MANATEE — New Beginnings is a Palmetto church whose members are a hard working 125. Most make their living working trades, like homemaking, house cleaning, plumbing, electricity, masonry and carpentry.
It’s not a rich or poor church, just one of the many in-between type churches, members say.
“We’re average Palmetto folks,” said nine-year church attendee Tim Brussee, who owns Brussee Electrical Service.
So, Brussee and most of his fellow congregation members were amazed recently when the church’s leadership, The Rev. Mark Cotignola and his wife, Judi, shared their dream for the church to pay $6 million for the long vacant Winn-Dixie supermarket on the north side of U.S. Highway 301 in Palmetto, across the road from the G.E. Transformer Plant.
Never miss a local story.
Cotignola told the congregation that his dream was to turn the building into the Hope Center, a 48,000 square-foot location for life skill training for the needy, a permanent food and clothing bank, classrooms, a book store, a coffeehouse and more.
The building, owned by Bergeron Properties out of Fort Lauderdale, also includes eight acres. The Cotignolas estimate it will require another $3 million to $4 million to renovate.
“Our goal is to raise $10 million in 10 years!” Cotignola told the congregation.
Brussee couldn’t believe it.
“I think it is way beyond our ability,” Brussee said.
But then, in the next breath, he says: “God has been in this from step one.”
Piece by piece, things have fallen together, Brussee said.
Faith Based Solutions, a Nevada-based organization which helps churches develop a national donor base, an effective board of directors and a grant-writing program, is on board to help with the fund-raising, the Cotignolas said.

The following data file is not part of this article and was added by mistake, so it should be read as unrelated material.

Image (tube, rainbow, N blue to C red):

Volunteers of America Food Bank in New Port Richey is offering technical know-how.
Manatee Technical Institute, whose migrant clients may be helped by the Hope Center, has contributed advice, the Cotignolas said.
Although the price of the supermarket is pretty much market value, the terms are “very generous” said the pastor and his wife, who expect to close on the supermarket deal in about a month and hope to have the facility open by Christmas 2009.
“The terms are very generous as far as pay back,” Mark Cotignola said.
Although Brussee’s logic tells him a church of New Beginning’s size can’t do this, his faith is an entirely different story. And part of that faith is in Cotignola, whom he calls a “visionary.”
“Mark and Judi have brought a vision of wanting to impact the community,” Brussee said. “They want to reach out to people who have been missed, who need a little help. But it’s not just a hand-out. We want to educate them to be able to be self-sufficient. In the process, maybe we’ll also share the love of Jesus.”
Sharing the love
In the 1960s, New Beginnings was Palmetto Assembly of God. Under the Cotignolas, it is still an Assembly of God church, but an independent one.
“We’re Pentecostal Christians,” the pastor said.
Although Mark Cotignola was a licensed pastor with Assemblies of God, he was working for a government contractor in 2002. He and his wife were lay members of Southeast Christian Church in Louisville, Ky.
But when Judi’s father, The T.R. Barriss of Palmetto Assembly of God, took ill that year, the couple moved to Palmetto to help out.
The janitor’s job at the church was open and the couple filled it.
“We became the custodians of the church in 2003,” Cotignola said.
In October, 2006, Cotignola was voted in as lead pastor of the church.
Almost immediately, Mark and Judi went to work on out-reach.